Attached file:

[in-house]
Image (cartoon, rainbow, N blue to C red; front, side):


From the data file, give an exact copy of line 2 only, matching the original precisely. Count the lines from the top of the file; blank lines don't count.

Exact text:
Image (cartoon, rainbow, N blue to C red; front, side):